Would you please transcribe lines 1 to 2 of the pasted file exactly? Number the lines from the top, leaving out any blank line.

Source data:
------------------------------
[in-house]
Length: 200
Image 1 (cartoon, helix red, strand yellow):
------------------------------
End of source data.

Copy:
[in-house]
Length: 200